Gators recruiting going to be a tough job

It is always the roughest recruiting cycle for any head coach, the first one. But for new Florida head coach Jim McElwain; this 2015 class is going to be a lot of hard work just to get off the floor.

The moment that Jim McElwain was named the head coach the Gators were down to a paltry nine commitments. Before midnight the same day, they were down to seven.

Four-star quarterback Sheriron Jones and three-star offensive tackle George Brown both de-committed from Florida on Saturday and are just a simple microcosm of what McElwain and his staff are going to be up against.

A lot of coaches will tell you that recruiting is all about relationships and there is a lot of truth to that. The recruiting of most high level college prospects takes place now from really their sophomore season on. During that time, coaches become a part of those prospect’s lives.

This is where McElwain is behind and quite a bit.

McElwain has been at Colorado State for the last three years. He did have eight players on the current roster at CSU from The Sunshine State, but to say he has been a regular in Florida would be misleading at minimum. His main recruiting area when he spent the previous four years at Alabama was here in Florida, so that should help. He talked Saturday about getting reacquainted with the high school coaches and that will help, but time is of the essence.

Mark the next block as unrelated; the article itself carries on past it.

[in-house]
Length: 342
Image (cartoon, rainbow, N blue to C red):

To be fair, Jones was committed all the way from California and Brown is from Cincinnati, Ohio. The distance is almost always a factor in recruiting and holding on to prospects from that far away isn’t easy even when things are somewhat normal. Compound the distance with what is going on at Florida right now and things aren’t getting easier.

McElwain is going to have to get a staff named pretty quickly, at least enough of a staff that they can start recruiting this class and making a difference. Jeremy Foley moved fast to hire McElwain on December 4, and there is no doubt a big reason for moving swiftly was for the recruiting aspect, now it is time to see how McElwain reacts and gets the bulk of his staff together.

It shouldn’t be alarming about defections, even right when the new guy is hired. Some of the more loosely committed prospects were likely hanging on just to see who would be the next coach. McElwain isn’t exactly the flashiest name that could have gotten the job and other schools are going to plant that seed of “who is this guy?” in their heads quickly.

There is also the thought that maybe McElwain and the staff might not be interested in keeping all of the current prospects. A different man in charge is going to like different things.

The bottom line is we need to remember that this is somewhat par for the course when you have a coaching transition and until the coach gets the right guys in to recruit to what he wants, it will get worse before it gets better.

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